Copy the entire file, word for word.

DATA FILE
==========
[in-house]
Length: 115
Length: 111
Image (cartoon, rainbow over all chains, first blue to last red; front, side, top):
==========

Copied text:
[in-house]
Length: 115
Length: 111
Image (cartoon, rainbow over all chains, first blue to last red; front, side, top):